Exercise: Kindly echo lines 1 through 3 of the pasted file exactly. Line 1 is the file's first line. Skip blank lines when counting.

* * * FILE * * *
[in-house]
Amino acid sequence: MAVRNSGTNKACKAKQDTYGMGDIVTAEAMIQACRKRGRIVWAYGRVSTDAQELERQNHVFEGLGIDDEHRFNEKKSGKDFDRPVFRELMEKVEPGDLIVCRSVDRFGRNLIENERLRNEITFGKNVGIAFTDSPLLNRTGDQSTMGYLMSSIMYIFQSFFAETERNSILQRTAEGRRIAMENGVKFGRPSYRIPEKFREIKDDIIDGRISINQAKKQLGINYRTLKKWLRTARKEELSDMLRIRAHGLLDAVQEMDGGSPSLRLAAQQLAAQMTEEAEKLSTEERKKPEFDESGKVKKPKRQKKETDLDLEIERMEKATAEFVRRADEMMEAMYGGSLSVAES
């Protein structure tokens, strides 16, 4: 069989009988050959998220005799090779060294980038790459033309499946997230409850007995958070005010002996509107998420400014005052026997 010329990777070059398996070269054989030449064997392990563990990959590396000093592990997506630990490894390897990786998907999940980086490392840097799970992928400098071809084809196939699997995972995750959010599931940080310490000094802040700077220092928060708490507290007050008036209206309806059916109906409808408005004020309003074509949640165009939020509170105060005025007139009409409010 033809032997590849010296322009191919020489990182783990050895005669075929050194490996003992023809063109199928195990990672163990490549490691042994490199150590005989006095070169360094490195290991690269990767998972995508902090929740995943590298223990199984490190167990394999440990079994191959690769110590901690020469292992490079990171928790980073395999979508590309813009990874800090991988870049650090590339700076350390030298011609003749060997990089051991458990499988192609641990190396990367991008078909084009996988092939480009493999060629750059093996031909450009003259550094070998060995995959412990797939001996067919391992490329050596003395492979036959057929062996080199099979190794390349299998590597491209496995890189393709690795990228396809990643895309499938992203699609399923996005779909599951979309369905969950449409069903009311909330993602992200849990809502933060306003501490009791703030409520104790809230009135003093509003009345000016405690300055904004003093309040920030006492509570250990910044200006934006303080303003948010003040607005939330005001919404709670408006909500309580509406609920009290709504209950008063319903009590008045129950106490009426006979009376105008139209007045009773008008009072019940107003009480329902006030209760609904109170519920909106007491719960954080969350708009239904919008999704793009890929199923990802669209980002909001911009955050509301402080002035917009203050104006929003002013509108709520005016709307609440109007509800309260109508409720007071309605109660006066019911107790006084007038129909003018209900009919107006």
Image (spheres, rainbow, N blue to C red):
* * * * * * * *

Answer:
[in-house]
Amino acid sequence: MAVRNSGTNKACKAKQDTYGMGDIVTAEAMIQACRKRGRIVWAYGRVSTDAQELERQNHVFEGLGIDDEHRFNEKKSGKDFDRPVFRELMEKVEPGDLIVCRSVDRFGRNLIENERLRNEITFGKNVGIAFTDSPLLNRTGDQSTMGYLMSSIMYIFQSFFAETERNSILQRTAEGRRIAMENGVKFGRPSYRIPEKFREIKDDIIDGRISINQAKKQLGINYRTLKKWLRTARKEELSDMLRIRAHGLLDAVQEMDGGSPSLRLAAQQLAAQMTEEAEKLSTEERKKPEFDESGKVKKPKRQKKETDLDLEIERMEKATAEFVRRADEMMEAMYGGSLSVAES
């Protein structure tokens, strides 16, 4: 069989009988050959998220005799090779060294980038790459033309499946997230409850007995958070005010002996509107998420400014005052026997 010329990777070059398996070269054989030449064997392990563990990959590396000093592990997506630990490894390897990786998907999940980086490392840097799970992928400098071809084809196939699997995972995750959010599931940080310490000094802040700077220092928060708490507290007050008036209206309806059916109906409808408005004020309003074509949640165009939020509170105060005025007139009409409010 033809032997590849010296322009191919020489990182783990050895005669075929050194490996003992023809063109199928195990990672163990490549490691042994490199150590005989006095070169360094490195290991690269990767998972995508902090929740995943590298223990199984490190167990394999440990079994191959690769110590901690020469292992490079990171928790980073395999979508590309813009990874800090991988870049650090590339700076350390030298011609003749060997990089051991458990499988192609641990190396990367991008078909084009996988092939480009493999060629750059093996031909450009003259550094070998060995995959412990797939001996067919391992490329050596003395492979036959057929062996080199099979190794390349299998590597491209496995890189393709690795990228396809990643895309499938992203699609399923996005779909599951979309369905969950449409069903009311909330993602992200849990809502933060306003501490009791703030409520104790809230009135003093509003009345000016405690300055904004003093309040920030006492509570250990910044200006934006303080303003948010003040607005939330005001919404709670408006909500309580509406609920009290709504209950008063319903009590008045129950106490009426006979009376105008139209007045009773008008009072019940107003009480329902006030209760609904109170519920909106007491719960954080969350708009239904919008999704793009890929199923990802669209980002909001911009955050509301402080002035917009203050104006929003002013509108709520005016709307609440109007509800309260109508409720007071309605109660006066019911107790006084007038129909003018209900009919107006």